November 12, 2011
Dear Loyal Readers, Friends and Family,
There’s lots of talk in our house these days about Santa. Almost every morning, Master M. wakes up and asks, “Did Santa come last night?” Gosh, it’s not even Thanksgiving and we’re already barreling down on Christmas! Today, during quiet time, he and I had a rather deep discussion about the Grinch and why he would try to steal Christmas. Despite the fact that Master M. felt I should somehow have super-mommy powers great enough to reach inside Seuss’s book and change the narrative–“I don’t like him stealing Christmas, Mommy”– he was mollified by the message of the story: that, indeed, Christmas can’t be stolen, no matter how many gifts and tinsel get carted away; the act of coming together is a bigger force than any gesture of vengeance (and any present, too.) What touched me the most, though, was how relieved he was when the Grinch was forgiven and how much he enjoyed the glee with which the Grinch sets about to carve the Whos’ “roast beast.”
Forgiveness, in our house, is a familiar theme—how could it not be with a two-almost-three-year-old running our operation? Many times a day we are discussing how to say, “I’m sorry,” to Hemmy, whose tale was just pulled, or to poor, patient Hoppy who just suffered an accidental bonk on the nose with a wiffle ball bat and then, to add insult to injury, was attacked by Hemmy (who thinks Hoppy’s tale is a very large, squirrely toy!) Hemmy, for the record, is turning out to be the most tolerant cat (when he isn’t persecuting Hopper), even submitting himself to an ongoing balloon sculpture, of which he is the foundation.
Today was chillier than it’s been in a while but, even so, while Dan worked with his friend, Frank, on a construction job out in Falmouth Foreside, Master M., Hopper and I piled into the car and drove to a nearby field for a long walk and then went to the Farmer’s Market. As the afternoon waned, M. and I found ourselves in the kitchen, making a dinner that ended up being a mini-Thanksgiving. When he isn’t pulling tails or trying to drink his juice “like Hemmy” (i.e. licking it out of his cup), M. is the perfect, enthusiastic sous-chef. Tonight we roasted a half-chicken with simply a little oil and sea salt and some good red wine in the pan. Into the oven went a handful of potatoes and out of the fridge came a Savoy cabbage, a couple of golden carrots and a red onion, which were all chopped and mixed into a deliciously creamy slaw. A few cranberries were pulled out of the freezer for a quick sauce.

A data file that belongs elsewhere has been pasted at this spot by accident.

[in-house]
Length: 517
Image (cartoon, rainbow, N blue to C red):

Then, some magic happened: I lighted upon a pie crust left over from a dinner party last week at the back of the fridge. We looked at each other and I said two magic words: “Apple tart?” I was the coolest mommy anywhere for the next fifteen minutes.
In two shakes of a lamb’s tail, we were rolling out the crust and thinly slicing apples. Musing, (with tarte tatin on the brain), I said, “What do you think about the idea of a thin layer of ricotta?”
“That sheep’s milk ricotta we got today, Mommy?”
“Yeah, that one.”
“Yum,” and my charge went swiftly to the fridge and pulled out the jar of creamy, salty sheep’s ricotta, purchased this morning from a cheese maker who somehow continues to be a secret at the market while she blows our minds every week with something special.
Onto the crust went a clumpy layer of the ricotta, a thin covering of apples and a drizzle of butter that was browned with sugar and maple syrup. Then I shoved it into the oven next to the chicken for about twenty minutes. After our pre-Thanksgiving dinner, we had a dessert that was, truly, sublime. I might have to recreate that one when the holidays roll around!
Speaking of simple gifts and holidays, I found out last week that Made for You and Me has been nominated for a Good Reads Choice Award in the category of “Best Travel and Outdoors.” Apparently, we can all go and vote—I guess it’s a democracy on Good Reads!– and sometime in the coming weeks the votes will be tabulated:
What are your thoughts for the holidays? What simple gifts are you choosing to accentuate? I’d love to hear from you.